Risks and Risk Factors for Contralateral Amputation in Patients who have Undergone Amputation for Chronic Limb Threatening Ischaemia

Joseph M. Czerniecki, Alyson J. Littman, Greg Landry, Daniel C. Norvell

Research output: Contribution to journalArticlepeer-review

1 Scopus citations


Objective: The aim of this study was to determine the cumulative incidence of, and the risk factors associated with, contralateral amputation in patients with chronic limb threatening ischaemia (CLTI). Methods: This was a retrospective cohort study of patients with incident unilateral transmetatarsal (TM), transtibial (TT), or transfemoral (TF) amputation secondary to CLTI, identified from the National Veterans Affairs Surgical Quality Improvement Program database (2004 – 2014). Thirteen potential pre-operative risk factors for contralateral amputation were considered. A competing risk analysis to estimate the cumulative incidence of contralateral amputation was performed using a Fine-Gray subdistribution hazard model. The effect of risk factors on contralateral amputation was estimated by computing subdistribution hazard ratios (sub-HR) with 95% confidence intervals (CI). Results: From the database, 7 360 patients met the inclusion criteria. The contralateral amputation risk was 7.7% and was greatest in those who underwent a TF amputation (9.7%), followed by TT (7.4%) and TM amputation (6.6%) (p <.001). Among the 588 contralateral amputations, 50% were at the TF level, 34% at the TT level, and 16% at the TM level. The adjusted risk of contralateral amputation was greater in those who underwent an incident TF amputation or were Black or Hispanic. The factor that contributed to risk of contralateral amputation to the greatest extent was dialysis (sub-HR, 2.3; 95% CI 1.7 – 3.0; p <.001) while those who were obese (compared with underweight) were at lowest risk (0.67; 95% CI 0.46 – 0.97; p =.030). Conclusion: The one year risk of contralateral amputation in patients with CLTI is related to incident amputation level, medical comorbidities, correlates with race/ethnicity, and body mass index at the time of the incident amputation. The identified risk factors are largely not modifiable; however, they can be used to help identify populations at elevated risk.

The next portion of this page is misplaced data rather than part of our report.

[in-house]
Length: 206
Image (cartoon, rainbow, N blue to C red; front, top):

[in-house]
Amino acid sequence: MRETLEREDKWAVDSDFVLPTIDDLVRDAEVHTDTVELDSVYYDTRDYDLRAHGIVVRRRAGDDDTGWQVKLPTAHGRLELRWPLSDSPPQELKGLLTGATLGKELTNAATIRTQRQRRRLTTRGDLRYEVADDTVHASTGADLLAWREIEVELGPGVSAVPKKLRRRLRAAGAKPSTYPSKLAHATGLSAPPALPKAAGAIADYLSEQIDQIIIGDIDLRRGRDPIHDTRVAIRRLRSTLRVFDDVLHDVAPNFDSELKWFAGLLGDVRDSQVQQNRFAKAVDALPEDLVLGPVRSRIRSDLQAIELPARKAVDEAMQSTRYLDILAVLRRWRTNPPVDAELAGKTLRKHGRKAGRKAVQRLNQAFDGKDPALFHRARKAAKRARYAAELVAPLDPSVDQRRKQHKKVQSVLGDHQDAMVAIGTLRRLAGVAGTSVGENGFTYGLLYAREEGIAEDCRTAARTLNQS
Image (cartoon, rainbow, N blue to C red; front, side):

Original languageEnglish (US)
Pages (from-to)111-118
Number of pages8
JournalEuropean Journal of Vascular and Endovascular Surgery
Issue number1
StatePublished - Jul 2022
Externally publishedYes


  • Chronic limb threatening ischaemia
  • Contralateral amputation
  • Diabetes
  • Risk factors

ASJC Scopus subject areas

  • Surgery
  • Cardiology and Cardiovascular Medicine


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